In more recent studies in the last 25 years, distance has become a favoured operationalization of effort in studies on food behaviour. Across lab studies 6)Engell, D., Kramer, M., Malafi, T., Salomon, M., & Lesher, L. (1996). Effects of effort and social modeling on drinking in humans. Appetite, 26, 129-138.7)Meiselman, H. L., Hedderley, D., Staddon, S. L., Pireson, B. J., & Symonds, C. R. (1994). Effect of effort on meal selection and meal acceptability in a student cafeteria. Appetite, 23, 43-55.8)Privitera, G. J. & Creary, H. E. (2012). Proximity and visibility of fruits and vegetables influence intake in a kitchen setting among college students. Environment and Behavior, 45(7), 876-886.9)Maas, J., de Ridder, D. T. D., de Vet, E. & de Wit, J. B. F. (2011). Do distant foods decrease an intake? The effect of food accessibility on consumption. Psychology & Health, 27, 69-73.10)Hunter, J. A., Hollands, G. J., Couturier, D. & Marteau, T. M. (2018). Effect of snack-food proximity on intake in general population samples with higher and lower cognitive resource. Appetite, 121, 337-347. and real-world studies 11)Painter, J. E., Wansink, B. & Hieggelke, J. B. (2002). How visibility and convenience influence candy consumption. Appetite, 38(3), 237-238.12)Wansink, B., Painter, J. E. & Lee, Y. (2006). The office candy dish: Proximity’s influence on estimated and actual consumption. International Journal of Obesity, 30, 871-875.13)Rozin, P., Scott, S. E., Dingley, M., Urbanek, J. K. & Jiang, H. (2011). Nudge to nobesity I: Minor changes in accessibility decrease food intake. Judgment and Decision Making, 6(4), 323-333.14)Hanks, A.S., Just, D. R., Smith, L. E., Wansink, B. (2012). Healthy convenience: nudging students toward healthier choices in the lunchroom. Journal of Public Health, 34(3), 370-376. manipulation of distance to food items has been shown to be an effectual way of altering the likelihood of people selecting those items and subsequently consuming them.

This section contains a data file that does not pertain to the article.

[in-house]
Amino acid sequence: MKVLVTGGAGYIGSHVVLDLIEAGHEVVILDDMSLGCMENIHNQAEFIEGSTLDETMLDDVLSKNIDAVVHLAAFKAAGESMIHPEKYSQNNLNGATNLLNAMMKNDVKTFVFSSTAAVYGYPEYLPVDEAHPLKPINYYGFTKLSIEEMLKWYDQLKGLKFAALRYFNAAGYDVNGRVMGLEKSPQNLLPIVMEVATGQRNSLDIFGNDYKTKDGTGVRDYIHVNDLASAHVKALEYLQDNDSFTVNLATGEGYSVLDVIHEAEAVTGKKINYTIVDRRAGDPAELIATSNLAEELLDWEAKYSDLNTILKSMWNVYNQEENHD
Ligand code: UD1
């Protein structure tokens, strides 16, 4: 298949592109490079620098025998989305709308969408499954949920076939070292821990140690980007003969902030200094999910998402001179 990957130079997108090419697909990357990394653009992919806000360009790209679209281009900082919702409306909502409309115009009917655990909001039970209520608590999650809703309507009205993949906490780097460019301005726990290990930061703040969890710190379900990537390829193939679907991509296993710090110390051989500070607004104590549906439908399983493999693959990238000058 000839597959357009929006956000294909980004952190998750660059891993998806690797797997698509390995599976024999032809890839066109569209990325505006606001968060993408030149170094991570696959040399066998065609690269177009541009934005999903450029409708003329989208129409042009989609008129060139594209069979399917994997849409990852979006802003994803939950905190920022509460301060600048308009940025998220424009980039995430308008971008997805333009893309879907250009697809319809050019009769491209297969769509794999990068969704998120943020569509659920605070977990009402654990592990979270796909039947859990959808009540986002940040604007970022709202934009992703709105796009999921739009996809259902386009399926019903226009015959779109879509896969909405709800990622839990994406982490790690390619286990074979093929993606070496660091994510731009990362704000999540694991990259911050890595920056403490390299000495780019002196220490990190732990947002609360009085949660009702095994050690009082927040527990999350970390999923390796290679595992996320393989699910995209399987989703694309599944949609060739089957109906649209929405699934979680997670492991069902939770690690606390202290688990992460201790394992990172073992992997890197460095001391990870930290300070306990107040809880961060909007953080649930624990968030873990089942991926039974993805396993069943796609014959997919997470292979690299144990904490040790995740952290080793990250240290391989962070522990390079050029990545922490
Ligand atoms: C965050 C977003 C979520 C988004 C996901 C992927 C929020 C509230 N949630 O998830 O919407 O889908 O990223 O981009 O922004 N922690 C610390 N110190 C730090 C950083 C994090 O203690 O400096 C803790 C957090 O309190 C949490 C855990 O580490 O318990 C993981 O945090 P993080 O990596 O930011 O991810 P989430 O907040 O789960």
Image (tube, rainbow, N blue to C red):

The Proximity Effect

So, what is the proximity effect? Quite literally, it is the distance from the individual making a choice to the relevant choice object. In the research primarily considered here, it is the distance to various food items. Both absolute distance and relative distance between food items one wants people to choose and the relative distance to food items one wants people not to choose are important.

The effect, as earlier explained, has been measured both on food selection which is the most obvious area of impact – but smart researchers have also considered the impact on actual food consumption in their intervention studies and found there to be important differences in effect. In one lab study [12], it was also considered whether or not those who make the extra effort required to attain further-away snack items engage in compensatory eating. Whilst a retailer might be uninterested in whether or not people use or eat what they buy, in the context of health interventions ultimately aiming to improve the quality of the food people eat – what people actually consume is the true outcome measurement.

Impact of Proximity